[¶ 17] When DHS placed Breauna with her foster family, Breauna suffered from serious medical conditions.   Her health has stabilized, but her social, perceptual and motor skill developments are still delayed.   She wears orthotics for support in her shoes and attends occupational therapy.

[¶ 18] Breauna is emotionally fragile.   Breauna's most significant attachment is to her foster mother.   Both the Spurwink team and the GAL testified that separating Breauna from her foster family would be detrimental to her developmentally, socially and emotionally.   If the mother were to reunify with Breauna, it would be a long and arduous process that would require continuous monitoring and support.


A. Sufficiency of the Evidence

 [¶ 19] Contrary to the mother's contentions, sufficient evidence exists on the record to support the court's factual findings by clear and convincing evidence.   When reviewing sufficiency challenges for clear and convincing evidence, we examine whether the trial court “could have reasonably been persuaded on the basis of evidence in the record that the required factual findings were ‘highly probable.’ ”  In re Denise M., 670 A.2d 390, 393 (Me.1996).2  The record supports the finding that the mother was unable and unwilling to take responsibility for and protect Breauna from jeopardy within a time reasonably calculated to meet her needs.3  When determining a parent's willingness and ability to take responsibility for and protect her child, we measure time from the child's perspective.   See In re Alexander D., 1998 ME 207, ¶ 18, 716 A.2d 222, 228.   Breauna has been in DHS custody for over three years, yet her mother, by her own admission, is still not ready to take custody of Breauna and cannot estimate when she will be ready to take custody.   The mother has maintained minimal contact with Breauna.   During the three years that Breauna has been in DHS custody, the mother has visited Breauna sporadically.

[¶ 20] Clear and convincing evidence also establishes that termination was in Breauna's best interest.   See In re Denise, 670 A.2d at 393.   Breauna is thriving in her foster home.   She has developed a strong emotional bond with her foster mother.   Removing Breauna from the stable environment of her foster family would damage her social, emotional and physical development.   By her own admission, Breauna's mother is not ready to care for Breauna in the manner that Breauna requires.   Breauna has spent over three years of her young life living with her foster family while seeing her biological family about twice a year.   Breauna needs stability in her life and, therefore, it is in her best interest to remain with her foster family where she has that stability.   The foregoing facts support the District Court's findings by clear and convincing evidence.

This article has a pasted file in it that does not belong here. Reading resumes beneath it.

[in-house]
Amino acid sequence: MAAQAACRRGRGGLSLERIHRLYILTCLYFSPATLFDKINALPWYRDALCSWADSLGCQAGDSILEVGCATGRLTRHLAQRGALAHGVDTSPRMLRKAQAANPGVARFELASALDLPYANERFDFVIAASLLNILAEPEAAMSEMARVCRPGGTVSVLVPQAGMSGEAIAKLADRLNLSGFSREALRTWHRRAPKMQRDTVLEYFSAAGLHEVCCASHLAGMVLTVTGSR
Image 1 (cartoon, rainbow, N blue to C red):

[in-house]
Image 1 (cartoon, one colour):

B. Good Faith Effort to Reunify

[¶ 21] The mother and the grandfather also assert that DHS failed to execute its statutory obligation of making a good faith effort to reunify Breauna with her biological family.   See 22 M.R.S.A. § 4041 (1996 & Supp.1998).   We disagree.   The evidence in the record establishes by a preponderance that DHS acted in good faith.   See In re Denise, 670 A.2d at 394 (opining that good faith action by DHS must be proved by a preponderance of the evidence).   Before DHS petitioned to remove Breauna from her mother's custody, the mother had the assistance of Casey Family Services, a day care center, and a public health nurse.   When DHS took custody of Breauna, the mother moved to Europe.   The mother was not available to undergo the extensive parenting instruction that she needed to safely care for Breauna.   DHS attempted to reunify Breauna with her grandfather, but the reunification effort failed.

 [¶ 22] In In re Denise, we opined that DHS satisfied its statutory obligation because it spent two years trying to help the parents learn parenting skills, even though DHS failed to disclose that one of its counselor's who recommended termination also wanted to adopt the child.   See In re Denise, 670 A.2d at 393-94.   Similar to the circumstances in In re Denise, DHS spent over three years trying to reunify Breauna with her family.   See id.   DHS did not address this matter as efficiently as it should have, but DHS did not cause the mother to move to Europe and live a great distance from her daughter.   DHS did not cause the grandfather to leave the intensive reunification early.   Thus, DHS's efforts to establish and implement a reunification program support the finding that DHS engaged in a good faith reunification effort.   See In re Denise, 670 A.2d at 394.